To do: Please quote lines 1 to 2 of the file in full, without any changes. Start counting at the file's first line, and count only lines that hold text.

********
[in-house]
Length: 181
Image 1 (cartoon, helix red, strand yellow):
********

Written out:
[in-house]
Length: 181